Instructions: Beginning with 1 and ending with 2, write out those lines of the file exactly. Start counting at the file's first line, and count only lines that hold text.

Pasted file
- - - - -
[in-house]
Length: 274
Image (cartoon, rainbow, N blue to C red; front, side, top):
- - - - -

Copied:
[in-house]
Length: 274